Pagan Blog Project: Madness in the face of faith (how mental illness is distinguished from religion)

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She looked at me over the top of her notepad and started laughing. “Raan, I was writing up my notes from our last session and in the middle I had to stop and laugh. I realized that if any of my colleagues ever read this, they would think you were schizophrenic.” She paused. “I know you aren’t schizophrenic but it just made me laugh.”

That was my psychologist after a session, discussing my spiritual faith and the way I use it to heal my life. The specific thing that makes others think I am crazy? I hear the voices of the gods and spirits in my head, all the time, like a rolling wave of conversation. Sometimes I completely lose touch with the reality around me because I get embroiled in a particularly good argument with them. Sometimes I blurt out stuff that only makes sense if you have been paying attention to the lecture I was receiving. Sometimes I lose the track of a conversation because I have more voices talking to me than I can handle. Sometimes I know things I shouldn’t know, or make intuitive leaps and freak people out or do things in a way that seem off and/or odd because of knowledge/advice/orders from higher-ups.

I also work nights at the state mental institution, surrounded by men (and sometimes women, when I go to another building) who hear voices/follow commands/are paranoid. I work with schizophrenics and bipolar and borderline and people who burned their brains out from too many drugs and sex offenders and people who suffer from fetal alcohol syndrome and people who are paranoid and people who are sexually inappropriate and people who self injure in ways I have never seen and never thought of before…

You get the picture.

So it’s sometimes very difficult for me to say this: yes, I hear voices. No, I’m not crazy. Really I’m not.

How do you guys deal in a world that is better equipped to handle mental patients than people with a more personal relationship with the Divine?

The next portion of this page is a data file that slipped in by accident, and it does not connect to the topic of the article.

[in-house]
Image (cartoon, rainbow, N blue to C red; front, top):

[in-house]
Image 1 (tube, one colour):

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5 Comments

  1. Steve Tanner says:

    A sense of humor is essential.

  2. ladyimbrium says:

    Pretty much what Steve just said. I think I’ve ranted about why I can’t talk openly about my beliefs without having my sanity challenged. It’s not fair, since I live in a county where it’s perfectly acceptable to walk around telling everyone (sometimes against their will) what Jesus said to you today.

    I think as long as I can still take that step back and realize that yes, I am hearing voices and yes, that makes me sound crazy but no, I do not lose track of reality…. I’m still OK. If “they” can talk to angels then I can talk to dragons and gods. 😛

    1. “It’s not fair, since I live in a county where it’s perfectly acceptable to walk around telling everyone (sometimes against their will) what Jesus said to you today.” – Boy Lady…did you just hit the nail on the head!!!

  3. I can say that I know and understand exactly what you’re going through as I experience similar occurrences. Sometimes, it’s a conversation – I don’t actually “hear” the words or voices – but I understand the words and messages…it’s very hard to explain. I just understand or know what is being “said”. Sometimes it’s just overwhelming feelings or intuition. Occasionally, I write the messages down if it feels like it’s going to be a very important “channeling” session. I don’t tell anyone about them because I too am afraid of being looked like I’m crazy.

  4. Soli says:

    Aside from a sense of humor, keeping things quiet when need be, and having an exceptional network of support.

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